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filed: December 21, 1979.


No. 2748 October Term, 1978, Appeal from the Order of the Court of Common Pleas of Philadelphia County, Pennsylvania, Civil Division, at No. 3793 November Term, 1972


Gordon Gelfond, Philadelphia, for appellant.

Elizabeth Iannelli, Philadelphia, for appellee.

Cercone, President Judge, and Lipez and Watkins, JJ.

Author: Cercone

[ 273 Pa. Super. Page 49]

This is an appeal from the order of the Court of Common Pleas of Philadelphia County denying appellant's petition for reconsideration of an earlier order denying his motion to strike a non pros. In the alternative appellant sought to have the court re-enter the earlier order denying his motion to strike so that he could belatedly challenge it on appeal. We affirm the decision of the lower court.

A judgment of non pros was entered on September 24, 1976 against appellant for his failure to answer written interrogatories. The judgment was entered pursuant to the procedure established by Philadelphia Civil Rule 145 which provided that the prothonotary, upon praecipe and certification of notice by the appellee, was to enter an interlocutory order requiring the adverse party to file answers to interrogatories within thirty days. If no answer was filed within that time, the interlocutory order was to be made final and a judgment of non pros entered. On November 23, 1976, plaintiff-appellant filed a motion to strike the judgment of non pros alleging that counsel had never received notice of the filing of the praecipe and intent to file an interlocutory order. The oral argument on the petition was heard in February, 1977, but decision was delayed due to the parties' indication to the trial court that they might reach an amicable settlement. When it became apparent that this would not occur, the lower court sent a letter to counsel informing them that a decision would be reached on June 2, 1977. An order dated June 6, 1977 was mailed to the attorneys on June 8, 1977 wherein the lower court denied plaintiff's petition to strike the judgment of non pros. Notice of this order also appeared in the Legal Intelligencer. No appeal was taken from this order.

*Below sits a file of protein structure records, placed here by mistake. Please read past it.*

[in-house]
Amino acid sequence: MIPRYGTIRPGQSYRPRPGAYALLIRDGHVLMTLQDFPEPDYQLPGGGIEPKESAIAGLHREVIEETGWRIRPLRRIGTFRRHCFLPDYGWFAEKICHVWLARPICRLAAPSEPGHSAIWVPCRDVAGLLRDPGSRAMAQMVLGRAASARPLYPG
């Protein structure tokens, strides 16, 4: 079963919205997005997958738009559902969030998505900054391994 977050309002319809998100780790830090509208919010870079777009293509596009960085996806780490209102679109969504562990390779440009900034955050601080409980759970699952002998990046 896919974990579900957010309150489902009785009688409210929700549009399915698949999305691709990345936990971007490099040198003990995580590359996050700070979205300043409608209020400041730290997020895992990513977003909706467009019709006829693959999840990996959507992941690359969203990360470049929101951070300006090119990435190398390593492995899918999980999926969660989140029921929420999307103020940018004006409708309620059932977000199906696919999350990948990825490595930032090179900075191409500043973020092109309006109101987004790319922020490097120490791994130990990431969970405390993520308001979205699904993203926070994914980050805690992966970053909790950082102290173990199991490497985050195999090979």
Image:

Thirteen months later, on July 5, 1978, plaintiff-appellant filed his petition for reconsideration of the order of June 6, 1977 which had denied his motion to strike. This time appellant alleged counsel had not received notice of the order denying his petition to strike, and asked the lower court to reconsider that order or reinstate it nunc pro tunc in

[ 273 Pa. Super. Page 50]

    order that plaintiff-appellant's appellate remedies could be preserved. On October 30, 1978, the lower court denied the petition for reconsideration and it is from that order that appellant has appealed to this court.